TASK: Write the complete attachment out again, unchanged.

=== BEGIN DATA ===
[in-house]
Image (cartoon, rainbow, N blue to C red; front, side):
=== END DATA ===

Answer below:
[in-house]
Image (cartoon, rainbow, N blue to C red; front, side):